[16] Leung, C., Eric, D., Paul, J. C., Eduardo, V., Eric, R. and Walter, C. W. Dietary intake and Dietry Quality of Low- income Adults in the Supplemental Nutrition Assistance Programme. The American Journal of Clinical Nutrition 2012
[17] The Ethiopian Government. The Cost of Hunger in Africa: Implications for growth and Transformation of Ethiopia. Social and Economic Impacts of Child Under nutrition in Ethiopia 2015
[18] FAO. ‘The State of Food and Agriculture 1996’, Food and Agriculture Organization of the United Nations, Rome 1996.
[19] Diaz, S. G. Income and Diet in You are what You Eat 2012
[21] Oxfam. Hidden Hunger in South Africa The Faces of Hunger and Malnutrition in a Food Secured Nation. Grow Food. Life. Planet 2014
[20] Oxfam (2014). Hidden Hunger in South Africa The Faces of Hunger and Malnutrition in a Food Secured Nation. Grow Food. Life. Planet
[21] Montgomery, M., and Paul H. Urban Poverty and Health in Developing Countries: Household and Neighbourhood Effects. New York: Andrew Mello and Hewett Foundation 2004.
[22] Montgomery, M. “Urban Poverty and Health in Developing Countries” Population Bulletin, Population Reference Bureau 2009 volume 64(2)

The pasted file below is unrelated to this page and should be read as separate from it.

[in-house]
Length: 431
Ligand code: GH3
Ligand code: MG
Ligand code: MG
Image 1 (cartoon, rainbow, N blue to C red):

Vol:15 No:05 2021Vol:15 No:04 2021Vol:15 No:03 2021Vol:15 No:02 2021Vol:15 No:01 2021
Vol:14 No:12 2020Vol:14 No:11 2020Vol:14 No:10 2020Vol:14 No:09 2020Vol:14 No:08 2020Vol:14 No:07 2020Vol:14 No:06 2020Vol:14 No:05 2020Vol:14 No:04 2020Vol:14 No:03 2020Vol:14 No:02 2020Vol:14 No:01 2020
Vol:13 No:12 2019Vol:13 No:11 2019Vol:13 No:10 2019Vol:13 No:09 2019Vol:13 No:08 2019Vol:13 No:07 2019Vol:13 No:06 2019Vol:13 No:05 2019Vol:13 No:04 2019Vol:13 No:03 2019Vol:13 No:02 2019Vol:13 No:01 2019
Vol:12 No:12 2018Vol:12 No:11 2018Vol:12 No:10 2018Vol:12 No:09 2018Vol:12 No:08 2018Vol:12 No:07 2018Vol:12 No:06 2018Vol:12 No:05 2018Vol:12 No:04 2018Vol:12 No:03 2018Vol:12 No:02 2018Vol:12 No:01 2018
Vol:11 No:12 2017Vol:11 No:11 2017Vol:11 No:10 2017Vol:11 No:09 2017Vol:11 No:08 2017Vol:11 No:07 2017Vol:11 No:06 2017Vol:11 No:05 2017Vol:11 No:04 2017Vol:11 No:03 2017Vol:11 No:02 2017Vol:11 No:01 2017
Vol:10 No:12 2016Vol:10 No:11 2016Vol:10 No:10 2016Vol:10 No:09 2016Vol:10 No:08 2016Vol:10 No:07 2016Vol:10 No:06 2016Vol:10 No:05 2016Vol:10 No:04 2016Vol:10 No:03 2016Vol:10 No:02 2016Vol:10 No:01 2016